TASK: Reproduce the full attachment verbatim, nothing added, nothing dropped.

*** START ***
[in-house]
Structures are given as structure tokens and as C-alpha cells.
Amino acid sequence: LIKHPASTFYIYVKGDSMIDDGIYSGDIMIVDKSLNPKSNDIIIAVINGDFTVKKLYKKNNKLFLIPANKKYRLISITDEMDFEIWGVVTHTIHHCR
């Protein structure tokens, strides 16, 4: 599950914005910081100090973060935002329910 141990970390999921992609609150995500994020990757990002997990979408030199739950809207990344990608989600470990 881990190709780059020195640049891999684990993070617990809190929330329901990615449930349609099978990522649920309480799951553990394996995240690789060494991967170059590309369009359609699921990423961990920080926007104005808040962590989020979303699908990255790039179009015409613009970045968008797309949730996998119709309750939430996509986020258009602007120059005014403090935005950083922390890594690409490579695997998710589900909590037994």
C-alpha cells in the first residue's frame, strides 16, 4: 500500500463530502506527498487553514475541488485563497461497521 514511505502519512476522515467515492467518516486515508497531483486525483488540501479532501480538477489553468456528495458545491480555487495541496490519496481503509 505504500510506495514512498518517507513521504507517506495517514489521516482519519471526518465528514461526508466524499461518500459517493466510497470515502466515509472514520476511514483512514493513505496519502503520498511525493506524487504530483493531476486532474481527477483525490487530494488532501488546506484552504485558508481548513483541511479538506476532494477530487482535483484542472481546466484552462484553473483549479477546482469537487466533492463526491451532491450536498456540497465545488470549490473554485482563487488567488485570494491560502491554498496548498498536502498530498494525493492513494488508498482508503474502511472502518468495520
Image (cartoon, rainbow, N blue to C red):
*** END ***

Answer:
[in-house]
Structures are given as structure tokens and as C-alpha cells.
Amino acid sequence: LIKHPASTFYIYVKGDSMIDDGIYSGDIMIVDKSLNPKSNDIIIAVINGDFTVKKLYKKNNKLFLIPANKKYRLISITDEMDFEIWGVVTHTIHHCR
């Protein structure tokens, strides 16, 4: 599950914005910081100090973060935002329910 141990970390999921992609609150995500994020990757990002997990979408030199739950809207990344990608989600470990 881990190709780059020195640049891999684990993070617990809190929330329901990615449930349609099978990522649920309480799951553990394996995240690789060494991967170059590309369009359609699921990423961990920080926007104005808040962590989020979303699908990255790039179009015409613009970045968008797309949730996998119709309750939430996509986020258009602007120059005014403090935005950083922390890594690409490579695997998710589900909590037994």
C-alpha cells in the first residue's frame, strides 16, 4: 500500500463530502506527498487553514475541488485563497461497521 514511505502519512476522515467515492467518516486515508497531483486525483488540501479532501480538477489553468456528495458545491480555487495541496490519496481503509 505504500510506495514512498518517507513521504507517506495517514489521516482519519471526518465528514461526508466524499461518500459517493466510497470515502466515509472514520476511514483512514493513505496519502503520498511525493506524487504530483493531476486532474481527477483525490487530494488532501488546506484552504485558508481548513483541511479538506476532494477530487482535483484542472481546466484552462484553473483549479477546482469537487466533492463526491451532491450536498456540497465545488470549490473554485482563487488567488485570494491560502491554498496548498498536502498530498494525493492513494488508498482508503474502511472502518468495520
Image (cartoon, rainbow, N blue to C red):